God’s in the Garage is an explorative documentary about the challenges that musicians who are involved in Christian churches face as they struggle between their faith and their artistry. The audience follows Colorado Springs musician Brian Wight as he decides between a comfortable lifestyle through a church job and his artistry, with Colorado and Seattle artists weaving thoughts and music throughout.
Robert Shedinger, author of "Was Jesus a Muslim?" focuses on countering Islamophobia with authentic dialogue. Shedinger, an associate religion professor and chair of the department at Luther College in Decorah, Iowa, teaches courses on Islam and has lectured on Western perceptions of Islam. He also is the author of "Tatian and the Jewish Scriptures" and co-editor of "Who Killed Goliath? Reading the Bible with Heart and Mind." Part of Notable Lectures & Performances series, Colorado College. Recorded September 24, 2010.
The present essay examines the traffic in magical goods and services between Maltese prostitutes and Muslim slaves in seventeenth-century Malta, as it is represented in the Archives of the Inquisition in Malta. Past analyses of these archives have focused on these interactions as elements of superstition and folk religion in early modern Malta. This essay asserts that the magical trade provided a form of common engagement between slaves and prostitutes as subaltern groups. In my analysis, I use close readings of denunciations before the Maltese Inquisition and historical examples from other scholarship. This essay will be useful to those interested in Maltese history, Christian and Muslim encounters, and the problems of universalism in post-colonial discourse.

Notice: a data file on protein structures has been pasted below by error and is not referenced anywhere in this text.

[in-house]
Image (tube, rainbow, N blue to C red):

Ramon Llull in his Book of the Gentile and the Three Wise Men demonstrates prevailing attitudes towards Jews and Muslims in Christian-ruled Europe in the thirteenth century.
Sallekhana was recently banned in India on the grounds of being suicide. More importantly, however, due to its existence outside of Jain tenets, the ban defined the borders of Jainism and threatens to define boundaries of all religions to existing solely within the canonized literature. Christian martyrdom theories include the recognition of power in martyrs through suffering, faith leading to proper comportment, the inclusion of theater and performance in death, and the heroic versus natural man facing death. Scholarship has stopped at comparing Jainism and Christianity, in understanding the community aspect of Jainism, the morality of sallekhanā, or its comparison to suicide; however martyrdom theories can benefit sallekhanā through new understanding of the Jain community and the importance of sallekhanā in the communal identity. By reframing sallekhanā in comportment, intention, embodiment, engenderment and suffering/pain new borders for Jainism can include a lived religion and more importantly offer a new lens to understand sallekhanā as more than an individual act.